2,100-Year-Old Royal Tomb Discovered in China
Archaeologists in China have announced the discovery of an ancient tomb belonging to a King Liu Fei, who ruled over the Jiangdu Kingdom in China 2,100 years ago, according to a report in Live Science . The spectacular mausoleum, which contains three main tombs and eleven attendant tombs, was found to contain more than 10,000 artifacts, including several life-size chariots, dozens of smaller chariots, a weapons cache, musical instruments, and thousands of relics made of gold, silver, bronze, jade and lacquer.
The 490-metre-long burial complex was first discovered in 2009 in Xuyi County in Jiangsu, and has been excavated over a number of years. The results of the excavations have just been published in the journal of Chinese Archaeology.
King Liu Fei died in 128 B.C. during the 26th year of his rule over a kingdom named Jiangdu. At this time, China was one of the largest and wealthiest empires on Earth, however, the power of its emperor was not absolute. During this time a number of kings co-existed under the control of the emperor. These kings could amass great wealth and, at times, they rebelled against the emperor.
About seven years after Liu Fei's death, the Chinese emperor seized control of Jiangdu Kingdom, because Liu Jian, who was Liu Fei's son and successor, allegedly plotted against the him.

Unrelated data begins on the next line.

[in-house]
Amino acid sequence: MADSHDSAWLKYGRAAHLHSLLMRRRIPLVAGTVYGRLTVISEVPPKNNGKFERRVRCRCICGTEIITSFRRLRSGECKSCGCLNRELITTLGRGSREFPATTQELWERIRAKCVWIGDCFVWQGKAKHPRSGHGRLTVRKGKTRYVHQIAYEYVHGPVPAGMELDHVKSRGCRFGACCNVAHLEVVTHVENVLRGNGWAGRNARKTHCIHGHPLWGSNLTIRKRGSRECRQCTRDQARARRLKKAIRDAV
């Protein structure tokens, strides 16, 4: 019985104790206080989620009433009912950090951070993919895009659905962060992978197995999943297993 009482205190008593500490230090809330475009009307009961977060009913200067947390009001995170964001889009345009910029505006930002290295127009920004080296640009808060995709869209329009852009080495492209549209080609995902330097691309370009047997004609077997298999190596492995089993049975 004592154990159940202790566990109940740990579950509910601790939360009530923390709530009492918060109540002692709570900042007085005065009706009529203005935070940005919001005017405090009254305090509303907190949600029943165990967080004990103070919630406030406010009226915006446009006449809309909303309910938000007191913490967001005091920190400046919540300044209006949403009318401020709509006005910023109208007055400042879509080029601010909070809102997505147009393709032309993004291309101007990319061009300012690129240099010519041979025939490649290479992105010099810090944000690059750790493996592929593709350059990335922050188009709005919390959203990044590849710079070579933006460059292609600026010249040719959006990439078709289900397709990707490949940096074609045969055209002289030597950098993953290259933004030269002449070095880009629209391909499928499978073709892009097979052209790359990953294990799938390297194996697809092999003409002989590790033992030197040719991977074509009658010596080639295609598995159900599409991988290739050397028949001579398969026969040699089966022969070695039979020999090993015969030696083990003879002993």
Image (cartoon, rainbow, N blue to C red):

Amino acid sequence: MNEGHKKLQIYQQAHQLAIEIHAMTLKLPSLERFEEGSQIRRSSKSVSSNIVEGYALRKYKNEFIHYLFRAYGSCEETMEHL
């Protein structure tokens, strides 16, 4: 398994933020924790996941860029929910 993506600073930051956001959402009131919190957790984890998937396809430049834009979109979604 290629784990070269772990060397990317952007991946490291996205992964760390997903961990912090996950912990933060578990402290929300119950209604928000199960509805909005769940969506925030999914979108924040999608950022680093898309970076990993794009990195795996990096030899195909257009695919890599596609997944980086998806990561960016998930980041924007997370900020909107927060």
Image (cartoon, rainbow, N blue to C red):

"Liu Fei admired daring and physical prowess. He built palaces and observation towers and invited to his court all the local heroes and strong men from everywhere around," wrote ancient historian Sima Qian (145-86 B.C.), as translated by Burton Watson. "His way of life was marked by extreme arrogance and luxury."
Such extravagance was also reflected in his burial, where archaeologists found that Liu Fei had been surrounded by a vast assortment of goods for the afterlife. Around his burial chamber were numerous smaller chambers, which were stashed full of weapons, including iron swords, spearheads, crossbow triggers, halberds (a two-handled pole weapon), knives and more than 20 chariot models (not life-size).
A small selection of artifacts found in Liu Fei’s tomb. Credit: Chinese Archaeology
Liu Fei had also been well provided for with more than 100,000 coins, a kitchen, food, and cooking equipment for the afterlife. Several clay inscriptions found held the seal of the "culinary officer of the Jiangdu Kingdom."
Unfortunately, the king’s tomb had been disturbed in antiquity and the king’s body had been removed, with just a few pieces of his coffin remaining. From the remaining fragments, researchers were able to determine that the inner coffin was originally lacquered and inlaid with jade plaques.
An adjacent tomb, whose occupant is unknown, contained one of the most significant discoveries within the mausoleum – a completely intact jade coffin – the only undamaged jade coffin ever discovered in the history of Chinese archaeology.
Featured image: The recently-discovered Jiangdu mausoleum. Credit: Chinese Archaeology
So should we infer that the body was somehow more valuable to the erstwhile looters than all the material wealth in the mausoleum?
Or perhaps they were not concerned with material wealth at all...but then one wonders, for what purpose did they abscond with the corpse?
Or perhaps there is a corpse, but it is of "inconvenient lineage"...
You're right, it is certainly odd.
yes you did. how odd.
love, light and blessings
Did I read that right? The tomb was looted in antiquity, but the so-called looters took the body and left all the loot?